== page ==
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Anesthesiology. 2013 Oct;119(4):907-31. doi: 10.1097/ALN.0b013e31829c2ddd.

Epidural injections for spinal pain: a systematic review and meta-analysis evaluating the "control" injections in randomized controlled trials.

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1
* Resident, ‡ Assistant Professor, Department of Anesthesiology and Critical Care Medicine, Johns Hopkins School of Medicine, Baltimore, Maryland. † Associate Professor and Medical Director, University Pain Institute, Department of Anesthesiology and Perioperative Medicine, Drexel University College of Medicine, Philadelphia, Pennsylvania. § Professor, Department of Anesthesiology and Critical Care Medicine, Johns Hopkins School of Medicine, and Professor, Walter Reed National Military Medical Center, Bethesda, Maryland.

Abstract

BACKGROUND:

Epidural steroid injection is the most frequently performed pain procedure. This study of epidural steroid "control" injections aimed to determine whether epidural nonsteroid injections constitute a treatment or true placebo in comparison with nonepidural injections for back and neck pain treatment.

METHODS:

This systematic review with direct and indirect meta-analyses used PubMed and EMBASE searches from inception through October 2012 without language restrictions. Study selection included randomized controlled trials with a treatment group receiving epidural injections of corticosteroids or another analgesic and study control groups receiving either an epidural injection devoid of treatment drug or a nonepidural injection. Two reviewers independently extracted data including short-term (up to 12 weeks) pain scores and pain outcomes. All reviewers evaluated studies for eligibility and quality.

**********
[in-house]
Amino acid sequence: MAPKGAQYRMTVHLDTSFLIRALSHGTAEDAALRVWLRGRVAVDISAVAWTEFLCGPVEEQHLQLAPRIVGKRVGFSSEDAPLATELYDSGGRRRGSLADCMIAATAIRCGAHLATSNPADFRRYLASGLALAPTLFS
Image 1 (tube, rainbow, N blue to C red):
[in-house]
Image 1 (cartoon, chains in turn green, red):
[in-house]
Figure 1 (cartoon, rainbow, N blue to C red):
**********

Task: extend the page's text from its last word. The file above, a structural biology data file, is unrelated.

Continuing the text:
RESULTS:

A total of 3,641 patients from 43 studies were included in this systematic review and meta-analysis. Indirect comparisons suggested epidural nonsteroid were more likely than nonepidural injections to achieve positive outcomes (risk ratio, 2.17; 95% CI, 1.87-2.53) and provide greater pain score reduction (mean difference, -0.15; 95% CI, -0.55 to 0.25). In the very limited direct comparisons, no significant differences were noted between epidural nonsteroid and nonepidural injections for either outcome (risk ratio [95% CI], 1.05 [0.88-1.25]; mean difference [95% CI], 0.22 [-0.50 to 0.94]).

CONCLUSION:

Epidural nonsteroid injections may provide improved benefit compared with nonepidural injections on some measures, though few, low-quality studies directly compared controlled treatments, and only short-term outcomes (≤12 weeks) were examined.

Comment in

PMID:
24195874
DOI:
10.1097/ALN.0b013e31829c2ddd
[Indexed for MEDLINE]
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